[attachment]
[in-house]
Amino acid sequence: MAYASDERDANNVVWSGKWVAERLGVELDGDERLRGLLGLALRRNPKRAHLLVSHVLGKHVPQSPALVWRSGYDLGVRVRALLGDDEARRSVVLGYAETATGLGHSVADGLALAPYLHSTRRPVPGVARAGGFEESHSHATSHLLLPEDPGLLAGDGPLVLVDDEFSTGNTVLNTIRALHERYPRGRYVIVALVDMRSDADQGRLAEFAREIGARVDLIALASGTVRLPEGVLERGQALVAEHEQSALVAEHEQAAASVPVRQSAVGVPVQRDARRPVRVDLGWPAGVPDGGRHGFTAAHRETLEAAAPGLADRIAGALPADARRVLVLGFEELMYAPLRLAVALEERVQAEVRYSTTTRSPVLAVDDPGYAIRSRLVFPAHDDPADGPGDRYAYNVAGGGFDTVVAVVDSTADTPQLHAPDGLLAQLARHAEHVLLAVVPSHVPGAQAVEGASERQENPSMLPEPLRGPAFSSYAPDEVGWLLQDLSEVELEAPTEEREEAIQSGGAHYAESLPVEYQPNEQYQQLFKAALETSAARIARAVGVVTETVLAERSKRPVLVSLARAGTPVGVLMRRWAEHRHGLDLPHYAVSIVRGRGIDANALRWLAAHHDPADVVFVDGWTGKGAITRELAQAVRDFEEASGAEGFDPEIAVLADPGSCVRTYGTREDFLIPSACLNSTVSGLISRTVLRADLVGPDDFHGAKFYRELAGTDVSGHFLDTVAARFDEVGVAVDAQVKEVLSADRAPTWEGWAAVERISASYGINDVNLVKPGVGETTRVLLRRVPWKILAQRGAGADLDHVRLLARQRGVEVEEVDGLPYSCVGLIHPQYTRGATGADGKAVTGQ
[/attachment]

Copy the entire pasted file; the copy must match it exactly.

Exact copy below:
[in-house]
Amino acid sequence: MAYASDERDANNVVWSGKWVAERLGVELDGDERLRGLLGLALRRNPKRAHLLVSHVLGKHVPQSPALVWRSGYDLGVRVRALLGDDEARRSVVLGYAETATGLGHSVADGLALAPYLHSTRRPVPGVARAGGFEESHSHATSHLLLPEDPGLLAGDGPLVLVDDEFSTGNTVLNTIRALHERYPRGRYVIVALVDMRSDADQGRLAEFAREIGARVDLIALASGTVRLPEGVLERGQALVAEHEQSALVAEHEQAAASVPVRQSAVGVPVQRDARRPVRVDLGWPAGVPDGGRHGFTAAHRETLEAAAPGLADRIAGALPADARRVLVLGFEELMYAPLRLAVALEERVQAEVRYSTTTRSPVLAVDDPGYAIRSRLVFPAHDDPADGPGDRYAYNVAGGGFDTVVAVVDSTADTPQLHAPDGLLAQLARHAEHVLLAVVPSHVPGAQAVEGASERQENPSMLPEPLRGPAFSSYAPDEVGWLLQDLSEVELEAPTEEREEAIQSGGAHYAESLPVEYQPNEQYQQLFKAALETSAARIARAVGVVTETVLAERSKRPVLVSLARAGTPVGVLMRRWAEHRHGLDLPHYAVSIVRGRGIDANALRWLAAHHDPADVVFVDGWTGKGAITRELAQAVRDFEEASGAEGFDPEIAVLADPGSCVRTYGTREDFLIPSACLNSTVSGLISRTVLRADLVGPDDFHGAKFYRELAGTDVSGHFLDTVAARFDEVGVAVDAQVKEVLSADRAPTWEGWAAVERISASYGINDVNLVKPGVGETTRVLLRRVPWKILAQRGAGADLDHVRLLARQRGVEVEEVDGLPYSCVGLIHPQYTRGATGADGKAVTGQ